Southern California and Baja California contain some of the most unique and varied ecosystems in the world. The Mediterranean climate that characterizes the region is incredibly rare — about three percent of the earth’s land area — but it accounts for nearly 20 percent of the world’s plant species. The California and Baja California coastlines are lush, too, filled with a rich array of plant and animal life.
Through the middle of this environmental wealth runs the border wall. From a distance, it looks like a scar on the earth. Closer, it looks like bars in a giant prison, strung with chicken wire. It is a socioeconomic barrier that separates human populations, but humans have passports (or ladders). Plants and animals that need open borders to thrive have no such options.
The wall has never sat well with environmentalists. Operation Gatekeeper, the Clinton-era policy in which migrants were locked out of easy crossings near San Diego and shunted into the desert, was an environmental disaster from its inception in 1994. Fifteen years later, additional construction extended the fence by more than 600 miles, and triple-reinforced the piece of border wall that ends at the very southwestern edge of San Diego County. The extension was decried by environmentalists, ecologists, and biologists for its lack of forethought.
When the border fence was expanded, then-secretary of Homeland Security Michael Chertoff used his authority in 2009 to waive environmental statutes that applied to its construction. The Mexican government called the wall plans “medieval,” saying the additional construction would endanger hundreds of plant and animal species in both the short- and the long-term. There was backlash, locally, nationally, and internationally.
Despite that backlash the border wall was reinforced, disregarding dozens of national and state environmental laws. The immediate effects were manifold: migratory land animals were unable to get from one side of the border to another, plants were uprooted by the grading and excavation across the mountains and deserts, and human traffic shifted eastward, toward the rocky hills of La Rumorosa and beyond, where the land is less hospitable.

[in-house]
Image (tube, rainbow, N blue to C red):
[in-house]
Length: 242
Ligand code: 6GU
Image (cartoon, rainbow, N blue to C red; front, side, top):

As a way to offset or mitigate the damage done by building the wall, parks and refuges dot the length of the border. At the very western end of the two countries, the wall juts out into the Pacific Ocean, cutting through a wide beach. Just north of that, in the United States, is a refuge that is extraordinary because of its location — the only one of its kind on the border — and its wildlife.
San Diego’s Tijuana Slough is a collaboration between the state of California and federal agencies, housing the largest coastal wetland in southern California, but what makes it unique are the birds: 370 different species either live there or use it as a breeding ground and waystation. However, the effects of the bright border lights, which law enforceent shines on the wall to pick out anyone who might be shimmying down it, can be deadly for migratory birds and nocturnal animals, and NAFTA-fed pollution from Mexico — not accounted for by Homeland Security — seeps downhill into the slough whenever it rains.
Slightly to the east, mountain lions and bighorn sheep are among the larger species unable to pass from one side to the next, weakening potential genetic pools.
Since border wall construction began, 90 percent of the Tijuana River estuary habitat has disappeared or been filled in with debris and sediment, making this particular refuge all the more important.
This is not to say the results of the increased fencing have been all bad — at least, not for the refuges along the Tijuana Slough. There have been positive effects on the coastal animal and plant populations that remain in the region because of the border wall, in that there is less foot and vehicle traffic through ecologically sensitive areas. With fewer people picking their way through the marshes, less trash gets strewn there. Developers have not been allowed into that segment of coastline. But in the end, this only serves to push the foot and vehicle traffic inland, into the equally spectacular and ecologically rich desert, where other species now find themselves isolated on their own sides of the fence.
But things are changing for the better, incrementally. Agencies such as the National Park Service, the U.S. Fish and Wildlife Service, and the Border Patrol are working together to find more sustainable solutions to the environmental issues the border wall creates. High tech surveillance methods work in lieu of a fence in some areas to curb crossings by people allowing wildlife to move unimpeded. In other places, researchers have found ways to make the wall passable by targeted wildlife species.
There’s a long way to go. The environmentally disastrous decisions that led to mass destruction of plant and animal life along hundreds of miles of borderlands cannot be fully mitigated, but the refuges along the border can offer important lessons to the future.